Government revenues, grants continue to run ahead of projection

Government revenues and grants continue to run ahead of projections with the latest out-turn showing an excess of $2.9 billion in collections.

Data from the Ministry of Finance and the Public Service show that for the period April 2020 to January 2021, government revenues and grants amounted to $446.27 billion, which is up $2.90 billion more than the original projection. While the out-turn for the period was above projection, it was still below the comparable period in 2019-2020 when $519.31 billion in revenues and grants were collected.

The out-turn of $446.27 billion for the period under review, April 2020 to January 2021, represented a decrease of approximately 14.1 per cent relative to the $519.31 billion recorded for the corresponding period in 2020.


The biggest jump was in tax revenues, which amounted to $391.21 billion, representing $2.16 billion more than the budgeted figure. Grants on the other hand amounted to $5.51 billion during the review period and outperformed the budget by $1.34 billion.

Non-tax revenue was on the decline recording $49.53 billion, which was $602.8 million less than budgeted. Notably, no budgeted amount was booked for the bauxite levy.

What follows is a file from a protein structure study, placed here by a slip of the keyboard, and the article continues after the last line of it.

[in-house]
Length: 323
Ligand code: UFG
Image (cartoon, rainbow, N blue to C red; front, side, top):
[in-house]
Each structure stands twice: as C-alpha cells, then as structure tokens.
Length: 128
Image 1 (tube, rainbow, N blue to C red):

Capital revenue closed the period with a provisional amount of $22.10 million, corresponding with the budgeted amount. On the expenditure side, total government expenditure for the period April 2020 to January 2021 amounted to $525.41 billion, which is $2.19 billion less than the budgeted amount of $527.60 billion.

Recurrent expenditure, which totalled $484.20 billion, accounted for 92.16 per cent of overall expenditures. Of the recurrent expenditure categories for the review period, the categories above the budgeted amount were compensation of employees and wages & salaries.


Compensation of employees amounted to $185.81 billion, which was overbudget, by $154.0 million or 0.1 per cent more than budgeted while wages & salaries totalled $173.43 billion, 0.3 per cent above the budgeted amount of $172.93 billion. Relative to projections, programmes totalled $193.75 billion, which is 0.1 per cent less than budgeted. Additionally, employee contribution totalled $12.37 billion, representing 2.7 per cent less than the budgeted amount of $12.72 billion.

The fiscal deficit, referred to as the shortfall in a Government’s income compared with its spending, was $79.14 billion, relative to a projected deficit of $84.23 billion. Additionally, the primary surplus balance, which is the difference between Government’s revenue and its non-interest expenditure, what it is spending, not including debt payments, for the period amounted to $25.51 billion, relative to the budgeted primary surplus of $22.60 billion.